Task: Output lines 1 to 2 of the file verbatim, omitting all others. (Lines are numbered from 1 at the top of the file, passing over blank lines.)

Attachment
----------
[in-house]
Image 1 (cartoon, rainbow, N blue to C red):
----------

[in-house]
Image 1 (cartoon, rainbow, N blue to C red):